Ride will suffer (LT tires are stiffer) but may helps some mpgs. Plus they finally 'look' right!
Nice reasoning, makes sense to me.

I got the 265 in C rating and after a few tests I ended up deciding running it at 38-40psi, which sits in between the stock 32psi and your range E 46psi, so I guess it was a good guess lol
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Old 04-12-2020, 01:28 PM #93
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I recently moved to LT295/70R17 Patagonia MT (E) and was doing a little research on what the appropriate tire pressures should be. Discount Tire filled them to the door jam specs (bad) so I’ve been giving 40 psi a go driving around today but I decided to dig a bit deeper.

Using the calculations here and cross referencing the data from the previously posted Toyo table I was able to calculate the stock P-Metric load value for the 4th gen (265/65R17 - load index 110) is 2337 lbs @ 32 psi.

Correcting for the P-Metric to LT-Metric (2337/1.1) we’re left with 2125 lbs. For Toyo’s own LT295/70R17 (load index 128P - E range - 80 psi max) MT, the load 2270 lbs @ 35 psi. This seems to show you could indeed safely run the 35 psi minimum in your LTs on 4th gens (on this specific size Toyo MT). The stock 5th gen size (265/70R17) is able to carry a bit more weight (2535/1.1 = 2305 lbs) and thus would require a aa bit more pressure. This is based on Toyo’s ATs/MTs of course, but should be able to cross reference with your own brand’s load inflation tables.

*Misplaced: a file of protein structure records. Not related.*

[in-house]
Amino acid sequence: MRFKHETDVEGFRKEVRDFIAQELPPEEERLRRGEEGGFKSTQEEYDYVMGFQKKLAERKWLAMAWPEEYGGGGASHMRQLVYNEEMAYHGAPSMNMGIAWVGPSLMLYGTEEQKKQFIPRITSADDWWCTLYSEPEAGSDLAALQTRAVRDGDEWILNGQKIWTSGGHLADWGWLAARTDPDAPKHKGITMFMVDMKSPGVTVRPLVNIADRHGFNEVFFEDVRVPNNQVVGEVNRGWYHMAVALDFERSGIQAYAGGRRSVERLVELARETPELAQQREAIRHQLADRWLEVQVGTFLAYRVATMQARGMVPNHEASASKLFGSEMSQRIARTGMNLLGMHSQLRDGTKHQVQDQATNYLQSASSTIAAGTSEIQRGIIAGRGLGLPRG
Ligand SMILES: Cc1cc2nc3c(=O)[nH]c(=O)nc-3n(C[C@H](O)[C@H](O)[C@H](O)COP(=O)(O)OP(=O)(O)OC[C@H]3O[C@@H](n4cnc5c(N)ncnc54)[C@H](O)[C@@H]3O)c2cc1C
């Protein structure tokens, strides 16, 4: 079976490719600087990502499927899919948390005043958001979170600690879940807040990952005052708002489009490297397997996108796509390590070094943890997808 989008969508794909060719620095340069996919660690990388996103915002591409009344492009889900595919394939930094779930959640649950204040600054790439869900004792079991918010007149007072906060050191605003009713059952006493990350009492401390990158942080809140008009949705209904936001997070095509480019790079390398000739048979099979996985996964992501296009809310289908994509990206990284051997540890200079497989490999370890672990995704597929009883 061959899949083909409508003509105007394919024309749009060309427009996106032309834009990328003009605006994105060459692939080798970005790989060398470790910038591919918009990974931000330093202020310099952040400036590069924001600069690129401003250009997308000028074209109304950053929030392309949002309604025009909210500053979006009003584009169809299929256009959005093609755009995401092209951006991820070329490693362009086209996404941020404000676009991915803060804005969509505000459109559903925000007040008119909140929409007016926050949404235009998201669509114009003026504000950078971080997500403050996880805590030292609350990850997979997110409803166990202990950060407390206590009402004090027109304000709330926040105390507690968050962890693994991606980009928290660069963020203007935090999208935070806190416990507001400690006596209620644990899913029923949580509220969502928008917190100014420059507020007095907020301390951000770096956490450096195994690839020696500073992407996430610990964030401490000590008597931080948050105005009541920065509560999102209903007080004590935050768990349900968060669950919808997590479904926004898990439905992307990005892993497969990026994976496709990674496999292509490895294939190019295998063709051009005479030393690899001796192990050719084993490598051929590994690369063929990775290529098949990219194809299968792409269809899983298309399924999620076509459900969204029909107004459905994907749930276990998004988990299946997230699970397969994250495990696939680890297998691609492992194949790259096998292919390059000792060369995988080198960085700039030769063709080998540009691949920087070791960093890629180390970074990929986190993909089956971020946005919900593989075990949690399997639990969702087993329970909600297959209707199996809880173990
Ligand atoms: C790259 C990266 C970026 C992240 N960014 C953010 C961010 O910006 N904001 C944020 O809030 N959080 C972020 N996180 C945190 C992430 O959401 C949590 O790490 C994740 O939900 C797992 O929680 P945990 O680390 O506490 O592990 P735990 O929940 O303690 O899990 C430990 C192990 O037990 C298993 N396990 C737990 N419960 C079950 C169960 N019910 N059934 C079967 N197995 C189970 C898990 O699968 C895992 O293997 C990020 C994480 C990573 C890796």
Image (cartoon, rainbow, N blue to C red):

Except if you’re me. The Patagonias are load index 121/118Q - the first one is for single tire usage, so I’m going with that (unless there’s someone with a 4Runner dually I don’t know about!). The problem is, Milestar doesn’t publish a load inflation table - just the load index which is 121 = 3,197 lbs (@80 psi).

Luckily the chart in the first link above happens to be for a 121 load index tire (albeit a LT285/70R17 - but the Patagonias of the same size have the exact same load index)! From that chart, ~2105 lbs is achieved at 35.2 psi. Extrapolating from that the line hits 2125 pretty much right at 35.5 psi. We can just round that up to 36 and be pretty damn close to “door jam” equivalent recommendations. 5th gen guys would use right under 40 psi (or just round up to 40) to match the stock tire ratings.